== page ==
Jrue Holiday: Holiday will be the Sixers’ starting point guard and could turn out to be one of the best value picks in fantasy drafts this season. He chooses his spots well, which keeps his percentages high, but his statistical totals can falter as a result of his selflessness. How much his assist numbers improve will depend on how often the Sixers look to Iguodala and Turner to initiate the offense. Collins will look for Holiday to play strong defense, initiate the offense and hit spot-up threes to help capitalize off the kick-out when Iguodala and Turner attack the rim. He’s a traditional point guard and should put up good stats in the assist, steal and three-point categories this season.
Evan Turner: Early struggles in the preseason may keep Turner out of the starting lineup to begin the season. When he's playing, the Sixers will ask him to rebound, facilitate and score, but he’ll need to play solid defense to stay on the court. He won’t handle the ball as much as he did in college, and playing off the ball was something the Sixers had him working on in the Orlando Summer League. Scouts have compared his game to Portland’s Brandon Roy, but Turner is coming into a situation with more established players than Portland had in Roy’s rookie year. An underwhelming showing in the Orlando Summer League and the early preseason has lowered expectations for Turner’s rookie season, but his ability to put up positive stats in virtually every statistical category makes him a high-potential fantasy prospect.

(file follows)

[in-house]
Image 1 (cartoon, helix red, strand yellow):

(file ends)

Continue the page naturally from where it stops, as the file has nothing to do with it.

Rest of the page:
Louis Williams: Williams will be limited to a bench role this season. In fact, without a significant injury to Holiday or Turner, Williams will likely see a reduction in minutes and production this season.
Jodie Meeks: The drafting of Turner nullified any real opportunity that Meeks’ strong play at the end of last season may have opened up, but he could also be the first player to benefit if Turner suffers any significant injury this season.
Jason Kapono: There’s an outside chance that Kapono could be a regular part of the rotation backing up Iguodala and Turner, but, even if he did get more playing time than Nocioni and Meeks, it’s unlikely he’ll play enough to be of use in anything but the deepest of fantasy leagues.
Spencer Hawes: If you can buy into the argument that Hawes’ struggles and inconsistencies in his first two seasons were a symptom of youth, then Hawes has the highest breakout potential of all the Sixers’ young big men. His ability to extend above his defenders, spread the floor, pass from the center position and alter shots makes him a unique talent. Draft him in the late rounds, and hope that Collins can help the 22-year-old behemoth focus his considerable potential.
Thaddeus Young: Young may begin the year as the starter, but his minutes will shrink when Turner inevitably joins the starting lineup. His style of play requires that he have efficient possessions in order to contribute significantly in fantasy. With Brand eating up most of the minutes at power forward, Young’s primary position, and Iguodala likely to move back to small forward when Turner is playing shooting guard, there won’t be enough minutes left for Young to be the player he showed he could be during his first two seasons.